Spinal muscular atrophy (SMA) is the most common form of motor neuron disease. It is the most common fatal genetic disease of infants, and the second most common (after cystic fibrosis) autosomal recessive genetic disorder. The Spinal Muscular Atrophy Clinic at Nationwide Children’s Hospital is the only center in the world that has carried out clinical trials in all three major forms of the disease. Several trials are ongoing and additional trials are in the planning stages. To that end, Nationwide Children’s Hospital participates in the Families of SMA-sponsored “Project Cure SMA” an international consortium of medical centers performing clinical trials in SMA.
Nationwide Children’s Hospital and The Ohio State University Wexner Medical Center are part of a select group of 25 national clinical sites that make up the Network of Excellence in Neuroscience Clinical Trials (NeuroNEXT) program.
Developing a Transgene to Help Determine the Best Timing for SMN Replacement in SMA
Proximal spinal muscular atrophy (SMA) is caused by low levels of the SMN protein. Mouse models of SMA can be rescued by increased SMN expression, but the timing of SMN replacement for complete rescue is unknown. This study features a temporally inducible SMN transgene that can be used to identify the therapeutic window for SMN replacement.
Access an abstract of this study: Generation of a tamoxifen inducible SMN mouse for temporal SMN replacement. Genesis. 2011 Apr 29. doi: 10.1002/dvg.20764. [Epub ahead of print]
Early Heart Failure Seen in Mouse Model of SMA
Mice models of severe SMA show signs of compromised cardiac functioning. Gene delivery was able to significantly decrease the severity of the heart defect in these mice. Further cardiographic studies of human SMA patients are needed to clarify the clinical relevance of these findings.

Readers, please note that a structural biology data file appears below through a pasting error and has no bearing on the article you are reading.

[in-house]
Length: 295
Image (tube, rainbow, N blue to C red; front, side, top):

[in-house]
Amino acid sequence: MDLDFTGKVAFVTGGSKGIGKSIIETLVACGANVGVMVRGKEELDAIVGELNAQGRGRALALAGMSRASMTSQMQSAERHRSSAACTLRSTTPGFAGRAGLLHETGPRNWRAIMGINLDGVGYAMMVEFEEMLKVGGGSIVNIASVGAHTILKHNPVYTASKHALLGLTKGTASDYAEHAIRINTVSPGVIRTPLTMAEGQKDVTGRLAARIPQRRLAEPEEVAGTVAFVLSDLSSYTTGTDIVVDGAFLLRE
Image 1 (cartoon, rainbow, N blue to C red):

Access an abstract of this study: Early heart failure in the SMNDelta7 model of spinal muscular atrophy and correction by postnatal scAAV9-SMN delivery. Hum Mol Genet. 2010 Oct 15;19(20):3895-905.
Gene Therapy Strategy Reverses Effects of SMA in Mice
Reversing a protein deficiency through gene therapy can correct motor function, restore nerve signals and improve survival in mice that serve as a model for spinal muscular atrophy. The researchers used an altered virus to deliver a portion of DNA that makes the SMN protein into the veins of newborn mice ranging in age from 1 to 10 days old. The SMN-laced viral vector injected into the youngest mice reached almost half of their motor neurons, resulting in improved muscle coordination, properly working electrical signals to the muscles and longer survival than in untreated mice.
Access an abstract of this study: Rescue of the spinal muscular atrophy phenotype in a mouse model by early postnatal delivery of SMN. Nat Biotechnol. 2010 Mar;28(3):271-4.
A New Mouse Model for Adult Onset Form of SMA
Investigators present the Smn C>T mouse, which represents a new model for an adult onset form of SMA (type III/IV) also know as the Kugelberg-Welander disease.
Access an abstract of this study: A humanized Smn gene containing the SMN2 nucleotide alteration in exon 7 mimics SMN2 splicing and the SMA disease phenotype. Hum Mol Genet. 2010 Nov 1;19(21):4239-52.
Novel Gene Delivery Development for Spinal Muscular Atrophy, National Institutes of Health, National Institute of Neurological Disorders and Stroke (Brian K. Kaspar)
Optimizing Titer and Window of Opportunity for Targeting Motor Neurons via an AAV9 Vector, Families of SMA (Brian K. Kaspar)
Pre-Clinical Safety Studies of AAV9-SMN to Support a Pre-IND FDA, Fight SMA (Brian Kaspar)
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